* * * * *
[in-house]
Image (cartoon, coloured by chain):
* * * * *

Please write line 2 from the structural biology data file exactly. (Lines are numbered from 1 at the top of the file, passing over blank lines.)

Image (cartoon, coloured by chain):